Tuesday, 31 December 2019


Putting 2019 in Perspective


Well a whole year has gone by and I’ve been more than a little tardy in not keeping my blog up to date. My only (rather feeble) excuse is that time spent sitting at the keyboard is time that I’m not sitting on my saddle! Plus, I am only really motivated to write when the mood takes me AND I’ve got something worthwhile to write about. But the flipside of that is that without any posts you might think I’ve been doing nothing. Or worse! Quite the reverse actually. I've had a very busy year and as it’s the last day of 2019 and also my birthday I thought I would check in and tell you what I've been doing since I last posted about that stunning ride up Mount Lemon at the end of January.

After making the 1,500-mile round trip to Arizona for the Mount Lemon adventure, the following week Mary and I made a
Desert riding
1,000-mile round trip to take part in the Tour de Palm Springs. I rode the 100-mile route while Mary and Robin, who joined us in Palm Springs, opted for the 70-mile circuit. It was quite a well-organised event though I found the half-hour wait on the start line a tad tedious. The young kids in mariachi band which played while we were waiting were very entertaining. The stand-up comedian’s jokes were, I have to say, rather corny. And the long list of thank-you’s delivered by a local worthy were – let’s just say it was a long list. But after a quick blast of the national anthem we were soon underway. Despite being in the desert it was actually pretty cold and I was glad of the extra warmth provided by my Castelli Gabba jacket. After a somewhat lumpy start which raised my pulse and breathing rate we turned east onto a long (20-mile) and mostly downhill straight ending at a feed station. This was easy riding and I was able to maintain an average 20mph by barely turning the pedals. Some of the route was familiar to me as I was riding on roads that I last rode on last year on my tour across the USA. I felt quite at home too as I was riding with a group who were all kitted out in British-made Rapha clothing. They were quite taken aback when they realised that they were riding with a Brit. As the temperature warmed up I took off my Gabba to reveal a Team GB jersey.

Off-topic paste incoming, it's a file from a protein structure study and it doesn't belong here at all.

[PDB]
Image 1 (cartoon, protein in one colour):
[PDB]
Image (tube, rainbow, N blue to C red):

The final 60 miles back to Palm Springs were gently uphill as we rose from sea level to about 500 feet. Apart from the eye candy provided by the scenery which covered everything from raw, bleak desert through rich and very green real estate to snow capped mountains I had two moments of excitement. First, my Garmin mount worked itself loose and fell off the handlebars. Fortunately the safety cord saved the day otherwise I might have been facing an expensive replacement. Having to then keep the Garmin in my jersey pocket was a bit irritating, especially as I seemed to reset it each time I removed it to see how far I’d gone. So my Strava record for the event suggests that I did four rides. Rather more exciting though was my arrival in Palm Springs. Approaching a junction I followed the signs and barriers round the left turn only to realise that I had entered a live oncoming traffic lane. I’d forgotten that they drive on the right here. The cacophony of shouts and whistles from the marshals and spectators was impressive. I rather nonchalantly bunny hopped over the central reservation into the right-hand lane, looked back over my shoulder and waved to the crowd!